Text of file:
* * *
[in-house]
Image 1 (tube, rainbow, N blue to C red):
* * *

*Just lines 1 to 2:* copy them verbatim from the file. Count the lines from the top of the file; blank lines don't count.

[in-house]
Image 1 (tube, rainbow, N blue to C red):